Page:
Donor honors mother’s love of style with gift to Avenir Museum

Story by Shannon Dale

“Growing up, I was fascinated by my mother’s wardrobe. She wore beautiful pieces and had a way of putting outfits together that was so elegant,” says Sophie Lei Aldrich (MBA, ’88), former Colorado State University employee and longtime supporter of the Avenir Museum of Design and Merchandising. Fashionable-Family-1

Aldrich joined CSU as the first director of development for the College of Home Economics (now Health and Human Sciences), and continued to work in development for the Colleges of Professional Studies and Business for many years. Her relationship with the Avenir Museum of Design and Merchandising began 30 years ago when Aldrich was traveling in Taiwan and purchased historic Asian garments. Knowing their cultural significance, she donated the pieces to the CSU historic textiles collection that existed at the time.

Years later, Aldrich connected with former Avenir Museum curator and Legacies Project honoree Linda Carlson, who shared how beloved her donated items were. From that point on, Aldrich was inspired to collect textiles on all of her travels, bringing things to the museum each year.

‘Hardworking, creative women’

“Most of the pieces I’ve donated were made by women with an impressive amount of skill and talent,” explains Aldrich. “These hardworking, creative women were inspiring in their dedication and love for their children. That was the story that always touched me most about some of my favorite textile pieces from Asia.”

During a recent trip to the Avenir Museum, Aldrich was asked how she would like to be further involved with the museum collection. When she started thinking about why she loved textiles so much, Aldrich realized her mother was a true inspiration.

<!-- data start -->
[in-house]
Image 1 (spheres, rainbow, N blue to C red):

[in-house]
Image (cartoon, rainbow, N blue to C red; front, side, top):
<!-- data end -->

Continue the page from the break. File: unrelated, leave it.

Aldrich’s mother, Ai-Hwa Lucy Doe Lei, grew up in Shanghai, China. Living all around the world, Lei finally settled in Taipei, where she opened an etiquette school. She was the consultant for contestants entering the Miss China pageants and was also a consultant for the 1966 film Sand Pebbles, starring Candice Bergen and Steve McQueen.

To honor her mother’s legacy, Aldrich recently named the lobby of the newly renovated and expanded Avenir Museum after her. The Ai-Hwa Lucy Doe Lei Lobby in Avenir Museum invites all students of design to mingle in a state-of-the-art learning environment, and affirms CSU’s commitment to inclusion and excellence. The first garment to be featured in the lobby display case is a gorgeous embroidered blue silk cape trimmed with fur that Lei wore to the Sand Pebbles cast New Year’s Eve party.

New endowment

Aldrich and her husband, Ted, wanted to ensure that her mother’s love for textiles was shared with generations to come, establishing the Sophie and Ted Aldrich Asian Textile Endowment. This new fund will support lectures and exhibits with an Asian focus with a specific emphasis on Chinese textiles, Lei’s passion.

“Sophie and Ted’s continued support has enabled the museum to grow in new and exciting ways. The Asian Textile Fund will help to shine a light on an important portion of the collection that is not often publicized,” says Avenir Museum Curator Megan Osborne.

Private support from passionate donors like Sophie and Ted Aldrich propelled the museum’s significant renovation and expansion project, which was opened to the community at the end of January. The new space includes three galleries, classroom and seminar space, a library, a conservation laboratory and expanded collection storage and management areas. It is open Monday-Friday from 11 a.m. to 5 p.m. at 216 E. Lake St., on the east side of the University Center for the Arts. The Avenir Museum is part of the Department of Design and Merchandising in the College of Health and Human Sciences.

CSU University Communications Staff